Alexander Hamilton was a member of the Federalist Party, which means he was advocating for a strong central government. Hamilton was a major writer of The Federalist Papers, which became enormously influential in the debate regarding the form and function to be given to the new government being created to replace the one shaped by the Articles of Confederation.
Hamilton agreed with those who felt that consolidating national concerns under the control of a strong national government was essential to assuring the success of the country.
A government ought to contain in itself every power requisite to the full accomplishment of the objects committed to its care, and to the complete execution of the trusts for which it is responsible, free from every other control but a regard to the public good and to the sense of the people.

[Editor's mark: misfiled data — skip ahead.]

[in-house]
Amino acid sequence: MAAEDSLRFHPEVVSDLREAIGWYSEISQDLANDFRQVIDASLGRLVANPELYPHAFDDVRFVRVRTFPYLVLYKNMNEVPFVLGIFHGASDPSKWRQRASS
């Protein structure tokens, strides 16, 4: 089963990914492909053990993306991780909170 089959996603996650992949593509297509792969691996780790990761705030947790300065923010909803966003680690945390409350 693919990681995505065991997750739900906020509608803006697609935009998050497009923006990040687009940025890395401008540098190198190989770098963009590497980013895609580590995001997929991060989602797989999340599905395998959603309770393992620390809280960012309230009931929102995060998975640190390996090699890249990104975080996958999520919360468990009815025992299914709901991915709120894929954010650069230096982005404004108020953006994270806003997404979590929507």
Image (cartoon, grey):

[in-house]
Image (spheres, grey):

He understood the concern about a centralized government becoming excessively powerful and was careful to delineate limits on the power of that government through the use of a federal system of organization that divided and balanced governmental powers and responsibilities between different branches. Hamilton sympathized with the need to preserve power for the individual states where possible.
the State governments would clearly retain all the rights of sovereignty which they before had, and which were not, by that act, EXCLUSIVELY delegated to the United States.